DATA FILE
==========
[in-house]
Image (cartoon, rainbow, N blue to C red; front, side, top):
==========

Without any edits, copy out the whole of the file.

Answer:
[in-house]
Image (cartoon, rainbow, N blue to C red; front, side, top):